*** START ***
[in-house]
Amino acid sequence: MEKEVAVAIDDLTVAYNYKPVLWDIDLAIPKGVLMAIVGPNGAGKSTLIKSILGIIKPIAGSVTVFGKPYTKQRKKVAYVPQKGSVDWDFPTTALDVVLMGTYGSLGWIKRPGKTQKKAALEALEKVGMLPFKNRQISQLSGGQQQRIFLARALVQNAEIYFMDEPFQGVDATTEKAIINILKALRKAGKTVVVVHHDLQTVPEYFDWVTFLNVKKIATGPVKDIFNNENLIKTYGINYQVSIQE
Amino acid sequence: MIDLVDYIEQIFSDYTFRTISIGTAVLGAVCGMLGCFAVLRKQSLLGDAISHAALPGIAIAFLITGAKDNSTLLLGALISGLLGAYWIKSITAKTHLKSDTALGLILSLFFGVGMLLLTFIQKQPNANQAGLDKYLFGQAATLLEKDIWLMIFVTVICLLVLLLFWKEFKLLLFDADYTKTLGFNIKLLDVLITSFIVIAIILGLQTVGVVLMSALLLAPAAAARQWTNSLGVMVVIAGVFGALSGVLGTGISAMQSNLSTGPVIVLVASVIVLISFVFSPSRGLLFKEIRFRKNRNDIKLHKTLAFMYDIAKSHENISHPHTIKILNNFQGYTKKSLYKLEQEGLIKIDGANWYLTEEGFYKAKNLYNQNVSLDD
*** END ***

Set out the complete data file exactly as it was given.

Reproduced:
[in-house]
Amino acid sequence: MEKEVAVAIDDLTVAYNYKPVLWDIDLAIPKGVLMAIVGPNGAGKSTLIKSILGIIKPIAGSVTVFGKPYTKQRKKVAYVPQKGSVDWDFPTTALDVVLMGTYGSLGWIKRPGKTQKKAALEALEKVGMLPFKNRQISQLSGGQQQRIFLARALVQNAEIYFMDEPFQGVDATTEKAIINILKALRKAGKTVVVVHHDLQTVPEYFDWVTFLNVKKIATGPVKDIFNNENLIKTYGINYQVSIQE
Amino acid sequence: MIDLVDYIEQIFSDYTFRTISIGTAVLGAVCGMLGCFAVLRKQSLLGDAISHAALPGIAIAFLITGAKDNSTLLLGALISGLLGAYWIKSITAKTHLKSDTALGLILSLFFGVGMLLLTFIQKQPNANQAGLDKYLFGQAATLLEKDIWLMIFVTVICLLVLLLFWKEFKLLLFDADYTKTLGFNIKLLDVLITSFIVIAIILGLQTVGVVLMSALLLAPAAAARQWTNSLGVMVVIAGVFGALSGVLGTGISAMQSNLSTGPVIVLVASVIVLISFVFSPSRGLLFKEIRFRKNRNDIKLHKTLAFMYDIAKSHENISHPHTIKILNNFQGYTKKSLYKLEQEGLIKIDGANWYLTEEGFYKAKNLYNQNVSLDD